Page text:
Wednesday, January 17, 2001

Goal: 'Health-care independence' for seniors




By Tim Bonfield
The Cincinnati Enquirer

        A new senior-citizens interest group wants Congress to give seniors “health-care independence” by July 4.

        The Greater Cincinnati Senior Citizen Health Care Initiative issued a four-point agenda for health-care reform at a news conference Tuesday at the Clifton Senior Center. The group also called on Congressmen Rob Portman, Steve Chabot and Ted Strickland to hold a public hearing on senior health issues.

        The group's proposals include:

        • Expanding Medicare to cover prescription drugs, dental, hearing, vision and mental-health ben efits, regardless of income.

        • Allowing HMOs to compete with Medicare, but only if they offer at least the same expanded benefits. Also, HMOs would not be allowed to drop members once accepted.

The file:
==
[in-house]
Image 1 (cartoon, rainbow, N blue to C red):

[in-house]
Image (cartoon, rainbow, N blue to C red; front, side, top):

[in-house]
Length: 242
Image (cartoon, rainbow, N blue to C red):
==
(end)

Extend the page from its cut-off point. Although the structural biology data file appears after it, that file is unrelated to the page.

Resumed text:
• Creating a national cost-oversight committee, similar to one in Canada, for drugs and medical supplies.

        • Expanding national medical-research funding.

        “We have an unprecedented budget surplus,” said coalition member Gene Robinson. “... Senior citizens should be taken care of first.”

        The senior citizen health-care initiative was organized by Marilyn Hyland, who last year lost a Democratic primary challenge to Todd Portune for a seat on the Hamilton County Commission.

        The group includes seniors, several doctors and other community activists who have been meeting regularly since three Medicare HMOs dropped nearly 27,000 seniors as they pulled out of town.

        Blue Ash resident Jeanne Hubbard, 60, said she has been frustrated with Medicare and health insurance in general ever since her husband, Don, was disabled by a stroke seven years ago.

        To her, health-care reform could be this simple: “I would love to get the coverage the people in Congress have.”

Most seniors dropped by HMOs yet to pick backup
       



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